Doing assessments together

By Simon Stevens

As someone with cerebral palsy, I have had assessments in one way or another for almost 40 years, some were great and some were terrible. In the context of this article, an assessment may refer to any social care, health and other gateway process to funding or services, and I am going to discuss how I think assessments in general should be organised and delivered in whatever situation.

I think it is firstly important to briefly look at the history of assessments within social care to see where the future lies. The first kind of assessments were ‘service-led’, which basically meant social services provided a specific bog- standard service and you either were eligible for it, or not. The assessment was so primitive that it was often never formalised and services were just delivered with little regard for the users.

The 1990s saw a revolution in social care assessments as we entered the era of ‘needs-led’ assessments. Service users now had their own care plan and they were individually assessed to have their specific needs met. Despite being revolutionary in its time, I slowly realised that there was a problem since what was need? What does a person actually need? Do I need a shower when I can manage with a body wash? Do women need make-up? As social services departments got their head around ‘community care’, the wonderful breakthrough of need was turning sour, as councils used need against users, using ‘equality’ to build a lowest common denominator of need that ignored the person.

In 2005 onwards, we had individual and personal budgets, that started to look at ‘outcomes-led’ assessment, which I believe we are still getting our heads around. There were always outcomes, but they were kept secret and remained the property of the funding bodies. Now users were being asked what their needs are and I think the full impact of outcome assessments have not yet been realised.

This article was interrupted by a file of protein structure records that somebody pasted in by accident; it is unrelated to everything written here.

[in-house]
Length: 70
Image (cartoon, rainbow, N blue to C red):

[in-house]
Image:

Outcomes are a very important way of defining what someone needs and therefore what solutions may be relevant to them. I would suggest there are 3 types of outcomes. The first is basic outcomes, which may be seen as hygiene outcomes, in that they are only noticed when they are not delivered and what stops people going backwards, and may include good health, a clean and tidy home, a safe place to live and so on.

The second would be activity outcomes, which are the concrete daily activity someone wishes to do like education or work, where support is provided on the basis they are doing that activity. If the activity ceases, so does the support. The final type of outcome is aspirational outcomes, the things we strive to achieve, often knowing they may never be fully achieved like to be happy and contented, to be rich, and all those big dreams that help us move forward.

What is important to understand is outcomes may be recorded in an assessment by a specific funding body or service provider but the suggested solution and who provided that may be recorded as someone else. In many cases, the person who can deliver their outcomes, especially aspirational outcomes, will be the service user themselves.

The key to any good assessment is co-production, the idea that the support plan is produced and equally owned by the service user and assessor. I think it should be mentioned that while there has been a fashion towards ‘self-assessment’, that concept of self-assessment is incorrect and legally not possible: no organisation is going to allow someone to have what they want unchallenged. I have always feared that when self-assessment has been adopted in good times, it will raise greater suspicion in bad times as professionals may find it harder to trust. I believe coproduced support plans are far more stable as both sides have agreed to them.